only lock them out of reach. Once the children are removed from the alien
environment and the Nanonites are deactivated, long term memory resumes."
She looked at them. "Do you know what happened to the children once
they were taken?"
Gareth looked at Catherine, he had a feeling it was something he didn't
want to know.
Mary took a deep breath. "It was in fact far worse than we feared;
though in hindsight possibly one that we decided not to consider. When the
children arrived on the alien's ship; processed children met them. They
were undressed and their clothes; along with any personal items were destroyed."
She looked at Catherine and hesitated. "Their heads were shaved, and
the hair was incinerated. The children were then fully immersed in an antiseptic
solution; from how Leader One described it
something like a cattle
Gareth found what he was hearing hard to comprehend. "Leader One told
"No, not by him, but the rescue crew describe that they were told in
a cold; uncaring way by some of the childr... units as if a mechanical operation
was being explained to them, which in a perverted way it probably was."
There was silence for a moment before she continued. "Permcaths were
inserted for intravenous feeding: and." She looked at Gareth. "I
don't know if it was the same term in your day, but a Permcath is a permanently
introduced catheter, inserted through the flesh. The also had permanently
fitted pouches for... body wastes."
Catherine had begun crying, Gareth was just stunned.
"They were given overalls and finally a cocktail of drugs which contained
an extra powerful form of Nanonite. After that they were forced to climb
into tiny chambers, where they were sealed in until the Nanonites had done
their work." Mary's voice had taken on a distinct faltering. "We
are quite used to the Nanonites, but these were of a different type. They
make their way into the brain where they disrupt neuron activity to the
long-term memory. From this point on the children can remember only what
happened during the previous few hours." She looked at them, her eyes
cold, and her words bitter. "Can you imagine? Can you even begin to
imagine, what these children went through?" Tears began to run over
her cheek. "Just think about
No... No don't think about it, I
have, and it's driving me to despair. We did that to them... I did that
to them... and may I rot in Hell for what I
" She could hold it
back no longer and abruptly turned away as she began to sob. Immediately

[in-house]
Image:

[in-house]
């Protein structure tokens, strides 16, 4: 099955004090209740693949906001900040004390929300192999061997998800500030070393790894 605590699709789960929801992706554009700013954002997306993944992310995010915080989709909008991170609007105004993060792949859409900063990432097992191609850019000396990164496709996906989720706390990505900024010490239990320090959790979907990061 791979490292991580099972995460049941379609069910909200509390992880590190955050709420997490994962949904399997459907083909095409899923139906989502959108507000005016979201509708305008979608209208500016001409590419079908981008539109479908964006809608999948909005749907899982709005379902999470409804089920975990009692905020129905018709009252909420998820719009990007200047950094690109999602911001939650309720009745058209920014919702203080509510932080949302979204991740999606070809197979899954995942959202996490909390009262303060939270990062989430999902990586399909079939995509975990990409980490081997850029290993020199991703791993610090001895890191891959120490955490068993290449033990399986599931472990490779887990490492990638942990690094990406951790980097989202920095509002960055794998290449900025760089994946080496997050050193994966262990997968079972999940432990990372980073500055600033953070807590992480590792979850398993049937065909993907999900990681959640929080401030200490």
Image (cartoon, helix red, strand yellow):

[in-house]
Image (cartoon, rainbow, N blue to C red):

Catherine was at her side, arms about the woman, comforting her: crying
together. Gareth stared at them wanting someone to hold him and drive away
the images that fought to be seen in his mind. For some time, other than
the sound of weeping there was silence.
At last Mary began again, but this time with Catherine's arm around her
shoulder, she took a deep breath and continued. "Once away from the
power source, the Nanonites release past emotions, and memories, and this
is what happened to the children the recovery crew was attempting to bring
back. Shortly after they left the spaceship they were in a traumatic state
and the crew could do nothing but sedate them. At the time they didn't know
what I have just told you, but they knew enough to realize they had to return
the children back to the spacecraft. We have no treatment, and until we
do: and as wrong we may feel it is, we must leave the children on the spaceship,
where mercifully the Nanonites block off their memories."
Gareth was at a loss for words. Nothing he could think of saying seemed
adequate. "So all the children are still up there?'
"As I said, all that are still alive
They had no imunity
The smallpox virus was very effective." For a moment Mary almost broke
down again but she fought her emotions and continued. "Those that were
The ones beyond help have been brought back. We are trying to locate famil...
It's not that easy
What I am telling you has never been
made public, I
Maybe it should have; maybe it would counter the propogander
about how better off we were under the alien rule that some people are spreading,
but it isnt fair to deepen the grief that untold numbers of families feel.
In fact very few people know the truth, and I for one think it should never